Commencement 2010

Author: School of Architecture

The School of Architecture honored 47 undergraduates and 15 graduate students during its commencement ceremony on Sunday, May 16 on the front steps of Bond Hall. 

The valedictorians were Alejandra Gutzeit of the undergraduate program and Pauline Smith of the graduate degree program. Excerpts from their remarks at the recognition ceremony are below. 
Many members of the class of 2010, which includes graduates from 24 states, Puerto Rico, Nepal, and China, featured prominent national buildings on their traditional mortarboard designs, including the Empire State Building and the Washington Monument. 

Commencement 2010

Pauline Smith: Graduate Valedictorian 
"We find ourselves today at a point of transition, and of celebration. As architects, we know how to mark transitions with hierarchy, volume, light, and orders. In life, the repertoire of gestures and words is less canonical. Transitions can be ascents, descents, or crossings. Each of these depends on the passage having a proper ending: the axis has a terminus, the possesso ends at the pilgrimage church. Whether we think of life as a pilgrimage, a posesso route, or a parti, we see motion having a purpose. In an architecture degree, the purpose is trifold: we seek beauty, wisdom and community.”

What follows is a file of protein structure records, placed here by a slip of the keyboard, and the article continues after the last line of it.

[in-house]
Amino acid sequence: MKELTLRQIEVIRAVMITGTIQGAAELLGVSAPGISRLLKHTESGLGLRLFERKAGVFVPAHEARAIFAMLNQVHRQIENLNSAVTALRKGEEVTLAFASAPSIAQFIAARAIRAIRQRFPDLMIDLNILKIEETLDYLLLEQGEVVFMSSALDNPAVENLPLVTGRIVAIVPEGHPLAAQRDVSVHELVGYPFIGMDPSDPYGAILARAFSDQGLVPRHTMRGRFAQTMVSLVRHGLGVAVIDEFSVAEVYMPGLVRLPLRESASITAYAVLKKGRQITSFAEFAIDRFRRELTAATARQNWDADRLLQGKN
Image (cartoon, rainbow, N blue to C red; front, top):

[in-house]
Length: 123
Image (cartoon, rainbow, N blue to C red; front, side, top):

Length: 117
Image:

Alejandra Gutzeit: Undergraduate Valedictorian 
“Now is the time for guts and grace. We are very fortunate to have received many graces during our time here. So where do the guts come from? Our guts come from within. Our guts are our passions, that which moves us to act in the world around us. With so many gifts and knowledge comes great responsibility, and we should expect nothing less from ourselves. Architects in particular have great responsibility. We practice what is in effect a public service; we hold the interests of a community at heart, we create and rebuild the built environment, we design in harmony with the natural environment and put into practice the values of sustainable design, and to put it most simply, we put roofs over people’s heads. The weight of our responsibility, however, comes with the understanding that we are not selfish creators; we are charged with getting to know the true heart of a place and the community that breathes within it, and to contribute sensitively to the architecture of their identity."